The signal output from terminal B replaces the CSTP signal normally transmitted from camera 31. Accordingly, after test light output switch/button 37 is operated for a predetermined time t (e.g., manually pressed, etc.), infrared light is emitted by CU 35. In response, flash light is emitted by flash unit 40. As such, a photographer can now confirm whether proper remote control operations will occur during subsequent camera operations.

The predetermined time t discussed above may be set to any amount of time depending on design requirements. However, predetermined time t preferably is set to be about 1-3 seconds.

The preferred embodiments illustrated in FIGS. 3-10 and discussed above are directed to multi-flash unit systems in which a master unit (or command module) may be operated in conjunction with at least one other slave unit. Although a master unit has been shown in operation with a single slave unit, the present invention is not so restricted. To the contrary, the present invention permits the use of more than one slave which is controlled via operation of a master which, in turn, is controlled via circuitry in a camera or other type of imaging device.

Moreover, while the preferred embodiments discussed above include at least two flash lighting sources (e.g., a master unit and a slave unit), the present invention is not so restricted. For example, the present invention now makes it possible to remotely locate a single flash unit (what would otherwise be considered a slave, for example) relative to a camera that includes a master control unit operated by the camera. That is, the housing of what would otherwise be considered as a master flash unit may be constructed so that only infrared light would be permitted to be transmitted to areas outside of such a housing and, in turn, be used to control a remotely located flash lighting unit or other device. Such an arrangement is shown in FIGS. 9 and 10 which were discussed above.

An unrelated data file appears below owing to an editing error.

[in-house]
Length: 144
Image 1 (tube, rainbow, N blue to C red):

As such, the present invention provides certain benefits not heretofore realized by prior devices and systems. For example, a strobe housing of a master strobe unit provided in accordance with the present invention is transparent to infrared light. Accordingly, by using infrared light generated by a master strobe unit to control a slave strobe unit, for example, a photographer can freely position the slave strobe unit in an area in the front, at the sides, and at the rear of a camera. And, even when a wide angle lens is used as an image taking lens, it becomes possible to arrange a slave strobe unit in a position where it does not shade the field angle of view.

Thus, having fully described the present invention by way of example with reference to the attached drawing figures, it will be readily appreciated that many changes and modifications may be made to the invention and to the embodiments shown and/or described herein without departing from the spirit or scope of the present invention which is defined in and covered by the appended claims.